Large Print.

Aging – Ignore, Deny or Embrace?

Perhaps the science will advance so that telomere reconstitution is a practical reality, that the DNA epigenetic changes can be reversed, that senescent cells can be eradicated, that the free radical damage to mitochondria can be dismantled, that the microbiome can be altered back to a youthful status. Perhaps metformin, rapamycin or resveratrol will have a significant impact. Perhaps.

But for now, it might be a more fruitful and meaningful personal use of time and endeavor to consider what the normal aging process means, not only physically and mentally but also spiritually and consider adjustments to lifestyles, behaviors and thought processes that will help usher in a productive and meaningful and hopefully healthy later years.

Source article here.

I see ignore and deny every day.  Male 35 5.6 220, elevated liver enzymes, elevated BP, and tobacco use within the past year.

Every now and then I see an embrace.  But this is rare.

My plan is to embrace and to live forever or die trying.

The Mortality Effects of Retirement

WSJ: What do the numbers show?

DR. FITZPATRICK: There’s a sizable, 2% increase in male mortality at age 62 in the U.S. Over the 34 years we studied, there were an additional 400 to 800 deaths per year beyond what we expected, or an additional 13,000 to 27,000 excess male deaths within 12 months of turning 62. That 2% is 2 of every 100 men in the whole male population who turn 62. We really think these deaths are concentrated among the 10% of men who retire at 62, so instead of 2 in 100, it’d be 2 in 10. So, the increase in the probability of death for men who retire could be as high as 20%. I actually think that’s a pretty big deal.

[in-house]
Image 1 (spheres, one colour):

You can find the original WSJ article at this link. 

If you can’t get past the firewall or if you want to read the original study go here.

    Social Security eligibility begins at age 62.
    1/3 of Americans immediately claim benefits upon reaching this age.
    There is a discontinuous increase in male mortality at age 62 of 2%.
    This increase in mortality is closely connected to changes in labor force participation.
    Our results suggest mortality rises because men retire once Social Security is available.